UVM Students Receive National Science Foundation Graduate Research Fellowships
- By University Communications
Two University of Vermont graduate students and one recent UVM undergraduate were awarded National Science Foundation Graduate Research Fellowships for the 2011 competition. The award is one of the most prestigious and most lucrative for students who wish to pursue a graduate degree in the sciences or social sciences.
Allison Neal is a second-year graduate student studying ecology and evolutionary biology. A Vermont native, Neal came to UVM on a Green and Gold Scholarship, joined the Honors College, and started her research career by volunteering in Professor Joseph Schall’s lab. Under Schall’s mentorship, she wrote her honors undergraduate thesis and continued to win awards and publish her work as a graduate student in his lab.
Scott Hamshaw ’06 also received a fellowship. He graduated as a civil engineering major and is planning to return to the University of Vermont to pursue a master’s degree in civil engineering.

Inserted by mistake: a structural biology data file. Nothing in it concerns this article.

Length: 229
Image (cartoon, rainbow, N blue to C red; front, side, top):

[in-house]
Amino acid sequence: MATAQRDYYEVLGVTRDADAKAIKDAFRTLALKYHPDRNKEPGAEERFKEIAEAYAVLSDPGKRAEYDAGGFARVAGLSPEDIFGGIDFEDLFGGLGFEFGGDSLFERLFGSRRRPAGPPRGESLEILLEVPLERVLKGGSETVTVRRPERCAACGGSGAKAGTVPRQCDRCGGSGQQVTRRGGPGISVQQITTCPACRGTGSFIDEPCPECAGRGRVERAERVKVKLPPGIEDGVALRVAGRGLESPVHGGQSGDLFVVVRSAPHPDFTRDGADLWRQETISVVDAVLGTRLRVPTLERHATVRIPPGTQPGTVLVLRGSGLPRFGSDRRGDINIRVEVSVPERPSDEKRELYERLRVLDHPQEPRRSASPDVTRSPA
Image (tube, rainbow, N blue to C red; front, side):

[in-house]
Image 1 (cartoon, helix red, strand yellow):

David Seekil ’09, a natural resources major and a Rubenstein graduate, also received a fellowship. He is currently pursuing a graduate degree in ecosystems ecology at the University of Virginia.
The awards, which are available for graduating seniors, first and second year graduate students, offer a tuition stipend, a research stipend, and a $30,000 living stipend for three years of graduate work.
In addition, Gwen Buel ’09, Graham Hagen-Peter ‘10, and Jonathan Hulce ‘10 were awarded Honorable Mention status in the NSF-GRFP competition. Buel was a biochemistry major and graduate of the Honors College and the College of Arts and Sciences. She is pursuing a doctorate in cell and molecular biology at Harvard University. Hagen-Peter was a geology major and a graduate of the College of Arts and Sciences; he is studying geology at the University of California-Santa Barbara. Hulce was a chemistry major and a graduate of the Honors College and the College of Arts and Sciences; he is studying chemical biology at the Scripps Research Institute in California. Adam Clark, an incoming UVM graduate student, also received an Honorable Mention in the competition.